They are ‘alternative’ because they do not fit within the mainstream biomedical model of health and medicine upon which our western culture is built. Most alternative therapies are founded upon knowledge and practice of ancient indigenous cultures from around the world and some are built from derivatives of different ancient philosophies alongside modern knowledge and technology.
A theme that connects all alternative therapies is that of holism (hol meaning whole or wholeness). In other words, that mind and body are inextricably linked. We all know that our body can affect how we feel psychologically, and most of us are aware that our mind state can also be reflected in our physical selves. Stress at work might cause backache, a relationship breakdown might cause stomach problems, or anxiety about moving house might cause a migraine. Whatever the cause and the effect, the basic idea is that an imbalance in our emotional or mental state is often reflected in our physical health.
Another common thread among alternative therapies is the notion of ‘energy’, ‘Chi’, ‘Qi’ or ‘vital force’. The concept varies between the cultures from which it was derived, however all conceptualise a ‘universal life energy’ that flows both within the physical body and sometimes also surrounding it. The physical, mental, emotional and spiritual well-being of an individual is understood to be held within the patterns and balance of energy flow of that particular person. Imbalances or ‘blocks’ in the energy can lead to physical, mental, emotional and spiritual problems. Alternative therapies aim to rebalance a person’s energy body and consequently improve the well-being of that person.
- The Chinese system is founded upon the concepts of the opposing and complementary ying and yang energies, which flow in balance in health.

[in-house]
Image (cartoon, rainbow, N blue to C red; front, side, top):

- Both Japanese and Chinese systems conceptualise a series of meridians that network the body, much like veins and arteries, that transport energy around the body. A blockage in a meridian can cause disease.
- Indian-based systems theorise balance in energy vortexes throughout the body called chakras which maintain healthy energy flow and balance.
- European systems such as homeopathy rely on the idea of ‘vital force’ which is our life giving energy and when strong enables us to adapt and respond to our environment (including disease) in order to maintain health.
Please note: always consult your doctor if you are concerned about your health and make sure you only take advice from trained and registered alternative therapy professionals.
Can alternative therapies help active people?
In sports medicine and the treatment of athletes health, there are two aims, firstly, to promote total recovery from injury and illness so that the athlete may return to his or her sport. And, secondly, to reduce susceptibility to illness and injury though maintenance of health and preventative measures.
An athlete’s performance relies on the highest level of healthy physical functioning coupled with huge mental and emotional strength in order to maintain drive and overcome psychological hurdles. Without emotional and mental health, alternative therapists believe it is impossible for the physical body to be at its peak performance level.
Alternative therapies can help both the physical and mental or emotional ailments of the athlete
Physically, alternative therapies can encourage the body to heal faster and more effectively. Massage and pressure-based therapies can help get oxygen in and toxins, such as lactic acid, out of the muscles to stimulate healing and relieve pain. Other therapies encourage cell regeneration and healing by directing and increasing the flow of energy to the injured area. All alternative therapies stimulate the body’s own self-healing mechanisms, supporting it in returning itself to peak health.
Psychologically, alternative therapies can help the athlete deal with the stress; emotional or mental, that can affect their performance. Moreover, it can help the athlete to find a sense of mental-space in which they can develop their focus and drive. After sports, and especially mentally exerting competitions, therapies can help the athlete relax and unwind.